Gartlan has a multi-layered argument, weaving the life of Stillfried with discussions of his art, contemporary photographers, and larger historical events. Nevertheless, the careful explanatory markers at the beginning and the end of each chapter clearly guide the reader through the material. The book proceeds in chronological order with thematic organization to each section. The exception to the rules of chronology is the Introduction, which begins at the end, with the subject’s death. The first chapter covers Stillfried’s formative experience in mid-nineteenth-century. It describes his early education in art and his early life as an aristocrat in the Habsburg empire, and as an army officer, in Prussia and Imperial Mexico. Gartlan sees Stillfried’s actions largely as a result or rejection of this aristocratic upbringing. Stillfried arrives in Japan and the liminal space that is Yokohama in Chapter 2. According to Gartlan, these early photographs demonstrate the fine line that Stillfried walked between art, journalism and commerce. He suggests that Stillfried’s earlier landscape photographs are more journalistic, for the local “Japan hands”, while later photos exorcise any elements of modernity to appeal to the globetrotter looking for a memory of vanishing tradition.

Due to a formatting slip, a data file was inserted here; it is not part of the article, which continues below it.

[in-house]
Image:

Gartlan paints a picture of a man struggling to balance his values as an individual and an artist with the desire to turn a profit and develop a name. Chapter 3 gives an account of a fascinating incident in the history of photography in Japan, Stillfried’s unsanctioned candid photography of the Meiji Emperor. The incident affected Stillfried’s career and his own relationship with the Japanese government, but also demonstrates the impact a photograph can have. The Stillfried photograph and subsequent release of sanctioned photographs by Uchida Kuichi essentially changed the relationship between the Emperor and his people in a way that the Restoration alone had not.